We can’t pray in our churches, mosques, or synagogues.
We can’t send our kids to school.
We can’t take our kids back to school shopping at the mall.
We can’t go to the county fair or a garlic festival.
We can’t dance in a club.
We can’t catch a blockbuster movie at our local multiplex.
We can’t go to a concert to listen to a favorite artist.
We can’t go to a college class to learn.
We can’t go to a restaurant to have a meal with our friends and family.
We can’t mail a letter at the post office.
We can’t go to work.
We can’t do any of these things without thinking somewhere in the back of our minds that this choice might be the one that gets us or someone we love killed, because in what should be the safest society in the world, you simply can’t know when the next mass murder will use his legally-obtained weapon of mass destruction to wreak havoc on our minds, bodies, and psyches.
We’ve created a culture in which children little older than toddlers are taught songs to remind them what to do if an armed intruder comes into their school, in which high school kids are taught how to respond to an active shooter, and in which law enforcement advises people to be aware of their surroundings and potential exits in the event of another euphemistically-named “mass casualty incident.”
It’s tempting—and not entirely wrong—to blame the NRA. Their advocacy for a mad gun policy of essentially unfettered access to weapons and their strategy of stoking fears to boost gun sales so high that effective policy may well be impossible, certainly deserves condemnation.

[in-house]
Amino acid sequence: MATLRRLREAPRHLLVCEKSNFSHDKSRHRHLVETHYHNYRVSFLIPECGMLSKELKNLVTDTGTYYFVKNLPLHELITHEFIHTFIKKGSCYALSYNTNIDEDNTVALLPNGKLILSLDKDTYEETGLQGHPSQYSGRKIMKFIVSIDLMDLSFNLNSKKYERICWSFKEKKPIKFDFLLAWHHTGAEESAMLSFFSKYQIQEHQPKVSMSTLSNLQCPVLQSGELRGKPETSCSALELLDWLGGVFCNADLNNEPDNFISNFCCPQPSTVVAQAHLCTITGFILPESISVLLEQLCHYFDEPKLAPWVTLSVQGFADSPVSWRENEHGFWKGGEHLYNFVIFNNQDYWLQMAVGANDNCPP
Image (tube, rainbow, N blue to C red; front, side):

Despite their money, though, they don’t make policy in this country; our political leaders—and I use that term with as much ironic contempt as I can muster—do.
Our Congress has the power to study the public health crisis of gun violence, but they block the research. They have the power to restrict the sale of the kinds of weapons that are used repeatedly in these attacks, but they won’t. They have the power to keep guns out of the hands of those who stalk, beat, and terrorize their partners, but they refuse to.
Perhaps most importantly today, they have the power to fund the FBI’s investigation of white nationalists who so often pull the trigger, but they are so obsessed with demonizing people of color and those of the Muslim faith that they refuse to see the threat in front of us.
They have the power to condemn white nationalist, racist, and xenophobic language, but so often they don’t, and in some cases, like here in Montana, they amplify it, adding their voices to the chorus of bigots who inspire these killers.
Their refusal to speak for the innocent victims of gun violence and fight against the dangerous, corrupting influence of the NRA and the bigots who incense these killers with paranoid fantasies and outright lies is cowardice of the highest order.
Empty prayers from empty suits won’t heal the wounds of families and communities devastated but this violence. When will the politicians who claim to lead this country find the courage to help us take back our schools, our churches, our workplaces, and everywhere from violence?
You can be sure it won’t happen in time to prevent the next attack. Nor the one after that. Nor, it seems, ever.
And, while most of the blood is on the hands of these killers, all of great Neptune’s ocean will not suffice to wash the blood clean from the hands of the politicians who let it keep happening.